A report published last week by Banque de France and the finance ministry showed that ATMs are becoming increasingly rare in the country.
The report showed that by the end of 2019, there were 2,135 fewer ATMs in service than a year earlier for a total of 50,316 - a reduction of 4.1% in 12 months.
This represents a faster closure rate than the previous average of 1.5% per year seen between 2015 and 2018.
The decrease is happening faster in towns of more than 10,000 inhabitants, at 4.8% per year; compared to villages of 1,000-2,000 inhabitants, where the rate is slower (1.3%), and even smaller villages of 500-999 inhabitants (2.7%).
In hamlets of fewer than 500 inhabitants, ATM numbers actually increased, from 182 to 187 from 2018 to 2019 - a rise of 2.7%.
At the end of December 2019, 6,572 communes had at least one ATM - 16 fewer than in 2018.
The report said that the drop was partly due to the gilets jaunes protests, writing: “[Many ATMs] suffered from vandalism acts committed during the gilets jaunes movement, but were since repaired or replaced.”
In contrast, ATMs that are available only to account holders of the given bank - known as “private access points” - have increased, from 23,202 to 25,536 in one year. The rise has been higher in larger towns (+25.4%) and medium towns of 5,000-9,999 inhabitants (+18.8%), but less pronounced in smaller villages of fewer than 500 inhabitants (+2.4%).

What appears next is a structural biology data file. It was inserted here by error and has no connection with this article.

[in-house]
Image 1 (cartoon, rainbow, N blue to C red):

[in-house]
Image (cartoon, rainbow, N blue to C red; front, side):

Overall, there are 75,852 “access points” across mainland France, up from 75,653 in the past year. 18.8% communes nationwide have at least one public ATM; 25% do not have a general ATM, but have a private bank access point; and 56.7% have none.
Banque de France said that national access to cash remains “very good”, with “99% of the population living in a commune that has at least one ATM, or in a commune within less than 15 minutes drive of the nearest access point”.
It said that the drop in ATMs was due to two main reasons: “[the drop] in cash use for transactions, due to the effect of changing methods of purchasing and payment”, and the digitisation of money.
The number of transactions made using cash in France dropped by 13.2% between 2012-2019, with the amount increasing at a higher rate than this in the last two years (2018, 2019).
This may have increased further due to the Covid-19 crisis, with many shops now refusing to take cash for health reasons, and asking customers to stick to contactless cards and card transactions only.
Similarly, the number of people dealing with their money physically has fallen, as more banks go online-only and ask customers to register for internet banking.
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